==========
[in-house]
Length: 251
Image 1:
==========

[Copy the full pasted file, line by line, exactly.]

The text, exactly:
[in-house]
Length: 251
Image 1: